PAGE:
Turning your wingsuit into a bag of (broken) bones.
It’s STCKY. Pronounced sticky. Stuff That Can Kill You.
But that’s the point.
That’s what hypes the adrenaline.
That’s why they do it.
Their adrenaline screeches. The limestone walls flash past them, the river lunges up. One mistake—
The wrong tilt of an arm.
The wrong angle of a spine.
An errant gust of wind—
Can kill them.
Paige and Kurt are not interested in dying.
They’re interested in living.
At the highest possible level.
So at the count of 10 they let go of each other’s hands and pull the ripcords. (Now there’s a metaphor for a successful relationship.) They want a little distance from each other when the parachutes deploy, lest they get tangled up and fall to their deaths in a twisted knot. (Now there’s a metaphor for a successful relationship.)
There are sounds to like and sounds to love.
Sounds to like—
The cry of a red-tailed hawk.
The wail of a Sonny Stitt sax riff.
The crackle of a fire on a cold night.
Sound to love—
The pop of a parachute opening.
Better, in this case, the sound of two parachutes opening. (The sound of one parachute opening would be very depressing for both parties involved. But let’s be stone honest—much more depressing for the party in closer proximity to the nonsound.)
They aren’t big parachutes. They don’t have to be; they just have to be big enough to slow them down before they hit the water, because water at 80 per isn’t that much different from rock (as any suicidal bridge jumper knows or should know). The chutes jerk Kurt and Paige up and then float them down to the river where Latchkey and Lev—fresh from their own jumps—wait in a Zodiac to haul them out.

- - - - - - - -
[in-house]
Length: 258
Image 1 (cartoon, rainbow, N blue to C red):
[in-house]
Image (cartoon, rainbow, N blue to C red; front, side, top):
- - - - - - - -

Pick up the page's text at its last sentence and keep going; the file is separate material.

Kurt—bigger, heavier—hits first. Reaches up and detaches the chute before it can smother him under the water. Then he comes up and sees Paige in the water just upstream, clear of her parachute and swimming.
“Fun!” she yells.
He smiles and nods and they swim toward the boat.
Yeah, fun. A thousand-foot tandem free fall through a narrow canyon into a river.
It was just a warm-up. The real adrenaline rush goes off tomorrow.
Adrenaline (n.): a hormone secreted by the adrenal gland in response to stress.
The problem with adrenaline is the same as with any drug. Tolerance.
That is, it takes more and more of it to get you off.
Until you die from it.
“But,” Kurt says, “you die high.”